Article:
For many years, fertilization was driven by maximizing and sustaining crop yields as the main goal [7]. With the harmful effects of inefficient nutrient management practices resulting in soil, water, and air environments becoming a major concern, increasing fertilizer use efficiency has surfaced as a newly defined goal for crop producers. The most sensible and ethical solution to meet crops’ nutrient demand is developing of more efficient crop fertilizer practices [8]. Establishing effective N management systems, updating N application guidelines, and improving NUE are the key challenges that must be addressed to sustain and enhance the sustainability of wheat production. Sustaining global food security and minimizing the negative impact of agriculture intensification on environmental quality are the most challenging issues the researchers and crop growers are facing today [9]. One of the key ways the producer can conserve fertilizer energy is utilizing fertilizer more efficiently, which entails optimizing crop yield with a minimum amount of fertilizer [10]. At least 50% of food produced in the world today is only possible due to commercial N, phosphorus (P), and potassium (K) fertilizer application to crops [11]. Commercial fertilizers are available in different forms, grades, and formulations; they can be solid (dry granular), liquids (fluid products), or gaseous (usually stored in a liquid form and transforming to gas when applied). In 2014 alone, the US crop farms expenditures related to fertilizers (including lime and soil conditioners) were $23.2 billion, surpassed only by land rent and labor costs [12].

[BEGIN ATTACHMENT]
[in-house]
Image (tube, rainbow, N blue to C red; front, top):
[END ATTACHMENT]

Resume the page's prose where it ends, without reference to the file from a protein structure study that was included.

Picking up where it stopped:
According to the Ohio State University’s Extension [13], “are liquid fertilizers equal to or better than dry fertilizers?” and “are liquid fertilizers more available than granular fertilizers?” are among the top 20 most asked agronomic questions. Inconsistent results in comparing liquid and dry N sources in wheat have been reported in literature. Many studies support the conclusion that there are no differences in the efficiency between the liquid and dry fertilizers [13, 14]. Some researchers concluded that significant ammonia loss occurs from liquid N fertilizers, which in fact decreases NUE [15]. Other research results suggest that liquid products may be superior in regard to crop yield and quality as well as being more environmentally friendly, due to superior plant availability and more efficient uptake [16]. Fluid fertilizers have been shown to have increased fertilizer use efficiently in several studies [17, 18].

In a long-term experiment in Oklahoma, comprising 8 growing seasons and 10 locations, liquid N fertilizer has resulted in a 19% advantage in NUE compared to dry granular N fertilizer in winter wheat. They also found the liquid N to be more profitable, even taking into account the per-unit cost advantage of the dry product over the liquid [19]. A combined application of compatible liquid N fertilizers and chemicals, such as herbicides and pesticides, could result in substantial monetary, time, and labor savings. Liquid fertilizers are easily transported, stored, and calibrated for precise application [20]. Compared to a mix created by combining several dry fertilizers, blending of liquid products results in a much more homogeneous mixture, where each drop has the uniform analysis [21]. The higher production cost of fluid fertilizers due to higher energy requirements may be balanced by higher efficiency resulting from a more consistent and uniform application [13]. The analysis of US fertilizer market share has shown that the utilization of liquid fertilizers is on the increase compared to dry fertilizer sources [21, 22]. The success of liquid fertilizers in corn production suggests that they will be of benefit in small grain cereals as well [23].